Linear Regression Diagnostic in Python with StatsModels
import numpy as np import statsmodels import seaborn as sns from matplotlib import pyplot as plt %matplotlib inline
While linear regression is a pretty simple task, there are several assumptions for the model that we may want to validate. I follow the regression diagnostic here, trying to justify four principal assumptions, namely LINE in Python:
- Independence (This is probably more serious for time series. I’ll pass it for now)
- Equal variance (or homoscedasticity)
I learnt this abbreviation of linear regression assumptions when I was taking a course on correlation and regression taught by Walter Vispoel at UIowa. Really helped me to remember these four little things!
statsmodels itself contains useful modules for regression diagnostics. In addition to those, I want to go with somewhat manual yet very simple ways for more flexible visualizations.
Let’s go with the depression data. More toy datasets can be found here. For simplicity, I randomly picked 3 columns.
> df = statsmodels.datasets.get_rdataset("Ginzberg", "car").data > df = df[['adjdep', 'adjfatal', 'adjsimp']] > df.head(2)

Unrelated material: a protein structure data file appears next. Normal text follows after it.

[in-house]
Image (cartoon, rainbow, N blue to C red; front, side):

Linear regression is simple, with
statsmodels. We are able to use R style regression formula.
> import statsmodels.formula.api as smf > reg = smf.ols('adjdep ~ adjfatal + adjsimp', data=df).fit() > reg.summary()
|Date:||Tue, 01 May 2018||Prob (F-statistic):||1.82e-10|
Now let’s try to validate the four assumptions one by one
Linearity & Equal variance
Both can be tested by plotting residuals vs. predictions, where residuals are prediction errors.
> pred_val = reg.fittedvalues.copy() > true_val = df['adjdep'].values.copy() > residual = true_val - pred_val
> fig, ax = plt.subplots(figsize=(6,2.5)) > _ = ax.scatter(residual, pred_val)
It seems like the corresponding residual plot is reasonably random. To confirm that, let’s go with a hypothesis test, Harvey-Collier multiplier test, for linearity
> import statsmodels.stats.api as sms > sms.linear_harvey_collier(reg) Ttest_1sampResult(statistic=4.990214882983107, pvalue=3.5816973971922974e-06)
Several tests exist for equal variance, with different alternative hypotheses. Let’s go with Breusch-Pagan test as an example. More can be found here. Small p-value (
pval below) shows that there is violation of homoscedasticity.
> _, pval, __, f_pval = statsmodels.stats.diagnostic.het_breuschpagan(residual, df[['adjfatal', 'adjsimp']]) > pval, f_pval (6.448482473013975e-08, 2.21307383960346e-08)
Usually assumption violations are not independent of each other. Having one violations may lead to another. In this case, we see that both linearity and homoscedasticity are not met. Possible data transformation such as log, Box-Cox power transformation, and other fixes may be needed to get a better regression outcome.
We can apply normal probability plot to assess how the data (error) depart from normality visually:
> import scipy as sp > fig, ax = plt.subplots(figsize=(6,2.5)) > _, (__, ___, r) = sp.stats.probplot(residual, plot=ax, fit=True) > r**2 0.9523990893322951
The good fit indicates that normality is a reasonable approximation.